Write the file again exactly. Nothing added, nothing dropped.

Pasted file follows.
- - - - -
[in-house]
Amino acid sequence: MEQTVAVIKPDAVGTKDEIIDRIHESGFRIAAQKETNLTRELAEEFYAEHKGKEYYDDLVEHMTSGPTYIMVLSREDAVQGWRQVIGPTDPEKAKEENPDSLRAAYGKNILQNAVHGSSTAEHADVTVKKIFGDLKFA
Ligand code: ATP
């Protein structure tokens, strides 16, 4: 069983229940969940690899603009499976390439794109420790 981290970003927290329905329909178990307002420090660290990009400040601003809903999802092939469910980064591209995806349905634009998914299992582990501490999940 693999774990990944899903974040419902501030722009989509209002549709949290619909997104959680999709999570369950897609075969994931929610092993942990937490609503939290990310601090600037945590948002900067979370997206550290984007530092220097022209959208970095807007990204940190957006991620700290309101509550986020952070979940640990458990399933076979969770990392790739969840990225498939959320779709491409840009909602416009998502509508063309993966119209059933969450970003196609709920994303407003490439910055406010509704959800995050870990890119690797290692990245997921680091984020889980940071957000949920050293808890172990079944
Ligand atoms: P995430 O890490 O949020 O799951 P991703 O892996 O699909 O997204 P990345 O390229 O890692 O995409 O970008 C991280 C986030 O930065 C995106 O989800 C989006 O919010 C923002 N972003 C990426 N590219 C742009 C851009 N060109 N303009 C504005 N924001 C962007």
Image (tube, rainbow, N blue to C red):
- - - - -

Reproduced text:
[in-house]
Amino acid sequence: MEQTVAVIKPDAVGTKDEIIDRIHESGFRIAAQKETNLTRELAEEFYAEHKGKEYYDDLVEHMTSGPTYIMVLSREDAVQGWRQVIGPTDPEKAKEENPDSLRAAYGKNILQNAVHGSSTAEHADVTVKKIFGDLKFA
Ligand code: ATP
């Protein structure tokens, strides 16, 4: 069983229940969940690899603009499976390439794109420790 981290970003927290329905329909178990307002420090660290990009400040601003809903999802092939469910980064591209995806349905634009998914299992582990501490999940 693999774990990944899903974040419902501030722009989509209002549709949290619909997104959680999709999570369950897609075969994931929610092993942990937490609503939290990310601090600037945590948002900067979370997206550290984007530092220097022209959208970095807007990204940190957006991620700290309101509550986020952070979940640990458990399933076979969770990392790739969840990225498939959320779709491409840009909602416009998502509508063309993966119209059933969450970003196609709920994303407003490439910055406010509704959800995050870990890119690797290692990245997921680091984020889980940071957000949920050293808890172990079944
Ligand atoms: P995430 O890490 O949020 O799951 P991703 O892996 O699909 O997204 P990345 O390229 O890692 O995409 O970008 C991280 C986030 O930065 C995106 O989800 C989006 O919010 C923002 N972003 C990426 N590219 C742009 C851009 N060109 N303009 C504005 N924001 C962007």
Image (tube, rainbow, N blue to C red):